Fantasy Satire superstitions pandemic worry

How to Deal With the Coming Crisis

By Nancy Jane Moore
Mar 16, 2020 · 776 words · 3 minutes


From the author: This story was written during an earlier, and much less dangerous, pandemic. The ideas underlying it are far too relevant. It's based on my personal superstition that if I worry about something it won't happen. That is, of course, ridiculous, but the fact that I know that doesn't keep me from worrying and hoping that worrying will be enough. Stay home if you can, wash your hands, and keep your distance if you must go outside.


            “The Mexican government closed all schools in Mexico City until May 6.”

            Coral stops in the middle of chopping garlic and stares at the radio. The swine flu outbreak is getting worse. She hasn’t been worrying much about it, instead devoting her concern to the economic collapse (“Experts Warn the Recession Might Last Years”), environmental issues (“Group Sounds Alarm on European Bee Industry”), and her mother’s health (the biopsy was inconclusive).

            Is this it, Coral asks herself? Is swine flu the worldwide disaster everyone is always predicting, a pandemic that spreads everywhere, kills millions, destroys families, cities, whole societies? Or is it just a blip, a minor crisis, real and damaging enough for the people who are unlucky enough to catch the flu, perhaps yet an another time when a government will prove incapable of taking care of its citizens as it should, but ultimately just a lot of people getting sick at once?

            How much should she worry?

            “The virus is a combination of swine, avian and human flu.”

            Coral wants to shut off the radio, but doesn’t. It is your duty, she tells herself, to learn as much as you can about this illness. If you’re going to worry about it, worry about it properly. Worrying about the wrong thing doesn’t help.

            “New York reports eight people in Queens suffering from swine flu. They had recently traveled to Mexico.”

            “You should stop listening to the news,” her friend Aimee tells her. Aimee meditates an hour each day and teaches yoga. She never turns on a radio or reads a paper, hardly spends any time online except to check her email and update her blog on compassion.

            Coral would deride Aimee as a stereotype of the New Age, except that Aimee really is happy and at peace. She never seems to get sick, and Coral can imagine Aimee facing her own death with the same equanimity with which she addresses traffic jams and bureaucratic snafus.

            But Coral is not Aimee. If she were to stop listening to the news, she would still know that the dreadful things of the world – hurricanes, wars, torture – had not stopped, that people were still suffering, that at any moment something could happen, something she hadn’t worried about enough to prevent, or at least ameliorate. Coral hasn’t stopped any crises, but so far she’s kept things from escalating beyond the point of no return.

            “A twenty-three month old child in Texas has died from swine flu.”

            Her friend John rubs his hands with glee as he – a doctor, a student of infectious disease – confirms that this might well be the first of the really disastrous pandemics.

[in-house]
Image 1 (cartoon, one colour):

“It’s not that deadly yet, but it could still mutate into something much more lethal. My God, think of all the international travel through Mexico City. It will be worldwide in no time.”

            John believes that rampant disease (with the help, perhaps, of war) will kill not just millions, but billions over the next century. “It’s the only way we’ll get rid of the excess population,” he says.

            “But it could kill us,” Coral says, a little ashamed of her selfishness. But she does not want to be killed by some out-of-control virus. A peaceful death at an advanced age, that’s what she’s always wanted, not to die bleeding from every orifice because she was unlucky enough to sit next to the wrong person on a bus.

            John shrugs. In his angry way, he is as calm in the face of disaster as Aimee. “We have brought this on ourselves; we must accept it.”

            Coral cannot argue with that. No question that there are too many people, that Earth is straining at the seams, that overpopulation is at the heart of the climate crisis. Probably she should listen to John and stop worrying, let the pandemics come and take whomever they please. Horrible as it sounds, it might be the only real solution.

            But the thought of billions dying randomly and prematurely haunts her. (The thought that she and people she loves might be among them haunts her.) She can’t help but worry.

            “U.S. declares a public health emergency due to swine flu.”  

            Coral knows she’ll never be able to worry enough. Some things will always slip by her – look at the Asian tsunami in 2004. But she can at least worry about swine flu.

            “The danger of a swine flu pandemic has passed, authorities say. But cases of antibiotic-resistant tuberculosis are on the rise.”

            Coral worries.

This story originally appeared in Flashes of Illumination.


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Nancy Jane Moore

Nancy Jane Moore writes all kinds of speculative fiction at lengths from flash to novels.